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Lawrence Jones, tenor - Reviews.jpg

Tom Rakewell in The Rake's Progress


BACH: Easter Oratorio | American Classical Orchestra (2022)

"Floating on that cloud of dreamy recorders, Lawrence Jones’s clear but substantial tenor as Peter carried easily, as he imagined how blessed the sleep of death would be when he was wrapped in the shroud of Jesus."  - New York Classical Review

"Karloski's and Jones's arias feature the woodwinds. All were performed superlatively."  - Blogcritics

JANÁČEK: Amarus | Chorus pro Musica & Metropolitan Chorale (2019)

"tenor Lawrence Jones, sang with tremendous commitment and intensity of his agony and yearning for death—always sweetly but holding nothing back. Janacek penned a particularly poignant and mysterious moment in the interactions of tenor with oboe and harp."

- Boston Musical Intelligencer

MONTEVERDI: Vespers of 1610 | Voices of Ascension (2018)

"Mello was joined by tenors Lawrence Jones and Timothy Hodges for the Concerto Duo Seraphim; when all three men sang together, “et hi tres unum sunt,” the confluence of their voices, at once clear and expansive, symbolizing Isaiah’s prophecy of the Trinity, was gorgeous."


HANDEL: Messiah | Saint Thomas Choir and New York Baroque Incorporated (2017)

"Lawrence Jones was an impressive tenor" - The New York Times

"Of the soloists, I particularly enjoyed...tenor Lawrence Jones's light-voiced lyricism" - Broadway World

MENDELSSOHN: Christus | Back Bay Chorale and Orchestra (2017)

"In Part II on the Trial and Passion of Christ, the excellent tenor Lawrence Jones took on the roles of both traditional narrator and Pilate, with the chorus as discordant and finally repentant crowd...Jones’s high, clear delivery maintained its calm in opposition to increasingly impassioned outbursts from the crowd, recalling similar scenes in Bach’s Passions."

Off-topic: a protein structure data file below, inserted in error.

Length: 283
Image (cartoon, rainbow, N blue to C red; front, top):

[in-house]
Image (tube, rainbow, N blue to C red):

- Boston Musical Intelligencer

STRADELLA: San Giovanni Battista | Haymarket Opera, Valletta International Baroque Festival (2017)

"Lawrence Jones was a reliable Counselor, and added his own urging to dealing with The Saint." - Times of Malta

HANDEL: The Lord is My Light | American Classical Orchestra (2015)

"The concert opened with the tenth of George Frideric Handel’s Chandos Anthems, The Lord is My Light. This sunny, spacious piece was performed with openhearted elegance and loveliness; soloists Lawrence Jones and Lianne Coble sang splendidly."


PÄRT: Passio | Boston Modern Orchestra Project (2012)

"The solo quartet has the most to do, and soprano Margot Rood, tenor Lawrence Jones, countertenor Martin Near, and bass Paul Guttry did heroically."  - The Boston Globe

STRAVINSKY: The Rake's Progress | Princeton Festival (2011)

"The young tenor Lawrence Jones brought a light, sweet voice and lyricism to Tom...he had the right earnestness for this gullible slacker, who is convinced that pluck alone will be rewarded by good fortune."  - The New York Times